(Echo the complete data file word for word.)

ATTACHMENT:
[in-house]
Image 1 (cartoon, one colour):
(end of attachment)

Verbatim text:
[in-house]
Image 1 (cartoon, one colour):